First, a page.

Florida’s $91.5 billion budget, approved by the Florida Legislature, includes funding for just two of the projects that Pasco County requested.
Legislators approved $1 million for the Land O’ Lakes U.S. 41 beautification project, and $1 million to improve the waterfront at Miller’s Bayou.
Dade City received $5 million for the extension of Morningside Drive.
While legislators approved the projects, Gov. Ron DeSantis still have the option of vetoing the projects.
Dade City also received funding for the Morningside Drive extension in last year’s budget, but it was vetoed by then Gov. Rick Scott, according to Ralph Lair, the county’s lobbyist.
Lair briefed the Pasco County Commission on the 2019 legislative session during the commission’s May 7 meeting.
In addition to funding decisions, legislators also took actions on numerous issues expected to have impacts on the county, Lair said.
That legislation affects growth management, vegetable gardens and tree trimming or removal, he said.
The growth management bill “will make it harder to challenge a developer’s plan for a new neighborhood or changes in any local comprehensive plan,” Lair said.
“For one thing, anyone who challenges a plan amendment and loses has to pay the prevailing party the attorney’s fees,” he said.
“Also, local governments cannot require affordable housing in new developments,” he said.
State lawmakers also passed legislation that “cripples the ability for local governments to tell people where they can plant a garden in the yard,” Lair said.
“The bill places personal property rights over the authority of counties and cities to dictate where people can grow vegetables in their yard and any existing ordinance, as we have, restricting any vegetable gardens, is void and unenforceable under the law,” Lair said.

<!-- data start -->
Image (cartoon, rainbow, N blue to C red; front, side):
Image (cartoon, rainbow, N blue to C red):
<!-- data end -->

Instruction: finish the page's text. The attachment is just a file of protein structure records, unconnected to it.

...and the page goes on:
However, deed restrictions still can regulate where vegetable gardens are planted, Lair added.
Local governments also can adopt regulations relating to water use during drought, fertilizer use and control of invasive plants and species.
State lawmakers also passed legislation that will prevent local government from requiring an application approval, permit fee, or mitigation for the pruning, trimming or removal of a tree on residential property, if the property obtains documentation from a certified arborist or licensed landscape architect that the tree is a danger to person or property.
The bill also prohibits local governments from requiring replanting of trees removed or trimmed, Lair said.
The Legislature also passed a 5-year moratorium on counties and cities from passing ordinances prohibiting plastic straws, while the state studies ordinances already approved by 10 cities that have already done so. However, DeSantis has vetoed that measure.
Commissioner Mike Moore thanked Sen. Tom Lee and Ardian Zika for their hard work in pushing through the $1 million request for Land O’ Lakes Boulevard beautification.
Moore said commissioners will keep their fingers crossed that the appropriation is not vetoed by DeSantis. He said the project to upgrade the appearance along the road is needed to help with redevelopment of U.S. 41, between state roads 54 and 52.
Moore and fellow commissioners Jack Mariano and Kathryn Starkey also noted that next year, the commission should shrink their list of priorities and work hard to get them through.
Lair agreed with the approach: “Short and sweet. Condensed is best.”
He also advised commissioners to go after funding for “shovel-ready” projects.
They tend to favor projects that are ready to go, and aren’t just in a planning stage, Lair said.
Published May 22, 2019
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